The Ethiopian Human Rights Commission (EHRC) has found that crimes against humanity were committed by individuals and groups who directly participated in the violence and security crisis that swept through Oromia Region following the death of musician Hachalu Hundessa on June 29th, 2020.
EHRC visited over 40 different localities in Oromia Region over the course of several days as part of its investigation into human rights abuses committed there between June 29 – July 2, 2020, findings of which were released today.
In the 59 pages report, the findings state that attackers moving in groups used axes, knives, machetes, sticks and other weapons to kill and injure civilians in gruesome ways that involved beheadings and torture. Altogether, 123 people died and more than 500 were injured in the carnage that also displaced thousands from their homes.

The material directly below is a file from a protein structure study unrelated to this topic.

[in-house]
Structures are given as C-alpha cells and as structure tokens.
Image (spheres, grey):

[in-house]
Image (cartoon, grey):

The findings show that the attacks meet the elements of a crime against humanity with large numbers of people, organized in groups, having selected their victims on the basis of their ethnicity or religion when conducting a widespread and systematic attack in several different areas over the three days.
The report also states, while it is understandable that security forces had the challenging task of restoring order in the face of such widespread violence, the proportionality of the force employed in some contexts is highly questionable. In some instances, security forces employed disproportionate force in their attempt to restore order amidst widespread violence and as a result, passersby, bystanders, young people, elderly people stepping in to mediate, and even police officers lost their lives from gunshot wounds despite having no participation in the unrest.
EHRC’s Chief Commissioner Daniel Bekele said, “Given the repeated pattern of atrocity crimes in the country, Ethiopia needs to design and implement a comprehensive national strategy for the prevention of atrocity crimes which aims to address the root causes of the problem”.